Gender Differences in Learning

I remember my post from a couple of years ago where I placed a disclaimer at the beginning asking for people to NOT email me with ‘the exception that disproves the rule’. The post was published in Dec 2019 (Teenager Emotions – Some Intriguing Research) and talked about how teenagers processed their emotions differently than younger children and most adults. Yes, we could always find an exception to the general findings — people are complex like that — but, that does not mean that a general relationship or trend isn’t evident.

I feel like I should probably start out this blog post with the same request.

I’m going to be talking about some research suggesting there are differences between how boys and girls learn. So, to qualify things before I receive comments or concerns, I am not saying that EVERY child will fall into this binary description. Children are diverse like the rest of our population and do not automatically fit into stereotyped boxes of ‘boys’ or ‘girls’. Even suggesting that there is this binary world of only two genders does not fully acknowledge the spectrum of gender identity in our world.

The messages I want to share with you today are meant to provoke thought about how CHILDREN learn differently. Feel free to even take the terms ‘boys’ and ‘girls’ away and think about them as ‘differences amongst children’.

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A New Year Begins – Along With Some Anxiety

Autumn in Victoria, BC

September is such a magical time of the year.

Autumn is the season of cooler weather, crisp leaves on the ground and corn on the cob — all worth looking forward to for sure. But, for me and others in public education, September is also our New Year. It’s a time of starting again, the excitement of seeing the kids back in classrooms, maybe some fun new equipment in the school and the optimism of tackling new challenges with some energy in one’s personal tank.

It’s really a great time of year.

As I enter my 34th year in public education that excitement is still there — freshly polished floors, big ideas on our learning agenda and a bunch of exciting new projects to tackle.

Yet, similar to last fall there is still a feeling of anxiety amongst many in our community. COVID continues to provide a significant distraction for many and a challenge for us as we focus on teaching and learning.

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The Shameful History of Residential Schools

Today I am sharing with you a post that I wrote almost 4 years ago. It was the third post I ever wrote, and my first one on any specific content — the first two were about why I was blogging. My third post was titled “Residential Schools – We Can Remember by Wearing Orange”.

On that date of Sept 25, 2017 I wrote about my personal journey into understanding residential school history. Amongst the things I talked about was my ignorance in understanding about the entire residential school period.

This past weekend I read my post again. What I said almost 4 years ago still rang true for me today — we have a long journey ahead of us before we even come close to true Reconciliation over the atrocities committed by Canada during its history with residential schools.

But, what was different for me today was the inadequacy of the title of my 2017 post. We have an obligation to do more than just remember the residential school period. We all have a moral obligation to be active in moving towards true Reconciliation.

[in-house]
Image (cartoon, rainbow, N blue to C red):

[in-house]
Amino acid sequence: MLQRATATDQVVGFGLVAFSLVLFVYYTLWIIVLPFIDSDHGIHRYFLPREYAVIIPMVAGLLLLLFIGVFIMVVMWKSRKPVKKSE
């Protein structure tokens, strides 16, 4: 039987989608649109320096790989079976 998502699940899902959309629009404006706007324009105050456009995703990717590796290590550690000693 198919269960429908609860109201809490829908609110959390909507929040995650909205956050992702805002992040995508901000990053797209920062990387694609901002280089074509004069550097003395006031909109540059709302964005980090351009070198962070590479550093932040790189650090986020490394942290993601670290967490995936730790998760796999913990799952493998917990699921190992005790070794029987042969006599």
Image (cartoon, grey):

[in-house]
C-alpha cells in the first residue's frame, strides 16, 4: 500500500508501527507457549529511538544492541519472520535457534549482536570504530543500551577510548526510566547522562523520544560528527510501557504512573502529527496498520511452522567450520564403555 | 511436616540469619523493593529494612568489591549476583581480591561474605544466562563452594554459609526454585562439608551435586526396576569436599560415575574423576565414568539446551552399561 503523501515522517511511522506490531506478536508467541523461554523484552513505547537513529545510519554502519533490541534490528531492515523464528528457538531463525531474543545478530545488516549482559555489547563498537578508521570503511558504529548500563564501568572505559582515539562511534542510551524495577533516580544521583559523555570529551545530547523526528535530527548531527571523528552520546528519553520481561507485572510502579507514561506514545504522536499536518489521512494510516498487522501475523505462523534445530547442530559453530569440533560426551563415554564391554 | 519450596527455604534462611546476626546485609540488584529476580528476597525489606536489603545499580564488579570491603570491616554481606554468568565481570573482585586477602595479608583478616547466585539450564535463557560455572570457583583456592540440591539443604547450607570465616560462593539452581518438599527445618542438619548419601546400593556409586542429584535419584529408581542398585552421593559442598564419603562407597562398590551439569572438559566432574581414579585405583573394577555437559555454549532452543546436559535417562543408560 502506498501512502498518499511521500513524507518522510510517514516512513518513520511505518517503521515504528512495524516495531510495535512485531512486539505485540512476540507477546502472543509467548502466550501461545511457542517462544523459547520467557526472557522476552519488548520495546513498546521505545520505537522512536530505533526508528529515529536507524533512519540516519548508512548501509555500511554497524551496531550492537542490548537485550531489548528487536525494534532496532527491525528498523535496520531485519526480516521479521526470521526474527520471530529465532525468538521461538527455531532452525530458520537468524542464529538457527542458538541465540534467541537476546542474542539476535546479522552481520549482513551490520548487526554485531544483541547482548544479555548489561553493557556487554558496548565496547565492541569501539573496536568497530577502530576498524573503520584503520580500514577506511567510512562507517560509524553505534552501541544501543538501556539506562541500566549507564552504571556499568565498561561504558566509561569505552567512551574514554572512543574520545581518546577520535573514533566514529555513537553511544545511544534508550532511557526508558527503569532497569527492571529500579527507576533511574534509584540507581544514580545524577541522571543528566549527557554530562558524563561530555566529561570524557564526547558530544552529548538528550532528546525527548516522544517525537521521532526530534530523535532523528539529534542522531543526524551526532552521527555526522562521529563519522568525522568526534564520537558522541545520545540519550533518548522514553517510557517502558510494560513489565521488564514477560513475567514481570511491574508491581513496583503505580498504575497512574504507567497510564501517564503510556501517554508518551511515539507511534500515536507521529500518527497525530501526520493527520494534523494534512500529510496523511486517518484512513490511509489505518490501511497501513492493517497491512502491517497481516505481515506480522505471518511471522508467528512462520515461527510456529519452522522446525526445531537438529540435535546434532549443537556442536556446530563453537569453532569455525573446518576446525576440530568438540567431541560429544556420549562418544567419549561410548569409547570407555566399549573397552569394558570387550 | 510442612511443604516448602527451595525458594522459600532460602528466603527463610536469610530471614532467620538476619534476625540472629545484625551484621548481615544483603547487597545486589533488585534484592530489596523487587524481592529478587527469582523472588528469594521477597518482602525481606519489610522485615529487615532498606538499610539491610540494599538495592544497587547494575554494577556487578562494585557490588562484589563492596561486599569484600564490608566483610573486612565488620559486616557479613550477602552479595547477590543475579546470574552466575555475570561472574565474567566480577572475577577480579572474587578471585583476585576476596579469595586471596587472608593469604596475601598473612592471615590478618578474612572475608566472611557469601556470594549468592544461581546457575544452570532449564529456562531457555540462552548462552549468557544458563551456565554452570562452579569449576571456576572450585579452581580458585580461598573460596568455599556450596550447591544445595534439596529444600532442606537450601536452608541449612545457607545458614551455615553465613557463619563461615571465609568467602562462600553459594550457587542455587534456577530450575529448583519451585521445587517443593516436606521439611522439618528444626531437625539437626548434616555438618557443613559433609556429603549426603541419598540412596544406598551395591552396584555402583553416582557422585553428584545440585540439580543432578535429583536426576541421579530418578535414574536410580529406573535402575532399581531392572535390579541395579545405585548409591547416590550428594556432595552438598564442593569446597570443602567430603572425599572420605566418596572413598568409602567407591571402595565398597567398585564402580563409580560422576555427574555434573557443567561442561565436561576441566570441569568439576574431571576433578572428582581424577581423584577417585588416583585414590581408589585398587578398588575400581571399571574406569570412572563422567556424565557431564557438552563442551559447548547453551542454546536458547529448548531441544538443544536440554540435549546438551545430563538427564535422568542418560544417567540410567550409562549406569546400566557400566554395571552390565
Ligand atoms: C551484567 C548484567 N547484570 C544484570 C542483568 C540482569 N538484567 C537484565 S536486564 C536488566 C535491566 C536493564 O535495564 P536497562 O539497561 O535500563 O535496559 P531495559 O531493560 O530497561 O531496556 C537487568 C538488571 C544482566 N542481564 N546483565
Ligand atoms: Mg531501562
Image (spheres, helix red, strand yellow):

Remembering isn’t good enough.

Residential schools were formed after the passing of the Indian Act in 1876.  Their primary purpose was to remove Indigenous children from their families and, thus, remove any vestiges of their culture and language. Former Supreme Court Chief Justice Beverley McLachlin referred to the treatment of Indigenous citizens as cultural genocide.

“The most glaring blemish on the Canadian historic record relates to our treatment of the First Nations that lived here at the time of colonization.”

Beverly McLachlin
Tears For The Children – In Recognition of the 215 children identified at the former Kamloops Residential School site
Used with permission from Haida artist Shelly Samuels

Last week 215 children were identified in a mass grave just outside of Kamloops at a former residential school — one of the largest such schools that was ever operated. These unmarked graves represent a stark example of the atrocities committed by a nation against Indigenous children and their families.

There is no hiding from this past — no explanation that makes it less painful for those intimately affected by its existence — no excuses — period.

Today, I am choosing to repost my blog from Sept 2017 — the facts have not changed, but the need to understand and act is even clearer for me today.

This time I am asking you to do more than just remember or reflect on the horrible acts from the past — instead, I am asking you to make a point of making a contribution in moving forward towards TRUE Reconciliation with Indigenous peoples across this country.

So, read the blog again and make sure that you watch the embedded videos that help tell the horrible story of this shameful national past. Here is the post:

Residential Schools – We Can Remember by Wearing Orange (Dave Eberwein, The Power of Why, Sept 25 2017)

We all have an updated to-do list:

  • Become KNOWLEDGEABLE about the history of residential schools
  • BUILD AWARENESS IN OTHERS about this horrible national atrocity
  • ACT in ways that SHARE THE TRUTH as well as BUILD PATHWAYS TOWARDS REAL RECONCILIATION for all Indigenous peoples in Canada.

As a country and as its citizens we own it. And, because of that we all have a moral obligation to do something about it — where past injustices are recognized, acknowledged and truly acted upon.

This is our shared history.